It wasn’t Coventry but the Climate Change Section at the Department of Foreign Affairs and Trade.

That’s where Robert Owen-Jones was sent to from Washington after forgetting his briefcase packed with secret documents behind after a meeting at the US Congress while holding one of Australia’s most senior overseas intelligence posts.

It was deemed a safe place to allow an officer highly regarded by his superiors to pay a little penance for the forgetfulness that was embarrassing at the time back in June 2004 without actually compromising any highly classified material.

Now, Owen-Jones really does have a chance to redeem himself as the little section of a big department where he was tucked away on some real significance with the politicians having decided that climate change should be taken seriously.

A key component of Prime Minister John Howard’s approach to combating global warming is that any action Australia takes to reduce CO2 emissions will be nothing but a futile gesture unless it is part of world-wide action along similar lines.

While Labor has not been putting the same emphasis on the need for international cooperation it would in practice be impossible for any government to pursue a policy of destroying Australian living standards while the rest of the world kept making the world warmer while growing their economies.

Elections held every three years would see to that, so targets, whether Labor’s stated one or the Coalition’s target to be revealed after the next election, will be very conditional. The main condition will be whether and when countries actually can come up with, and then start keeping, an agreement on emission reduction.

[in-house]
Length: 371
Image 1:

That is where the Climate Change Section comes in — nestled away well down the departmental pecking order in the Environment Branch, headed by an assistant secretary, of the International Organisations and Legal Division, which has a first assistant secretary plus an Ambassador for the Environment, under the supervision of a deputy secretary who reports to the departmental secretary who is responsible to the Minister for Foreign Affairs.

The summary of departmental outputs (the public service accounting language these days for what the department tries to do) contained in this year’s Budget papers devoted 73 words out of a total 1600 to climate change:

Sustaining the impetus of the Asia-Pacific Partnership on Clean Development and Climate will remain a key priority for the department in taking forward the Government’s commitment to tackling environmental challenges. Significant progress has been made through the eight sectoral public-private task forces to accelerate low-emission technology development and promote best practice. The Global Initiative on Forests and Climate will play a critical role in combating the contribution of deforestation to climate change.

When it came to the question of additional resources the only mention was $300,000 to be spent on plans to encourage Third World countries to preserve their forests.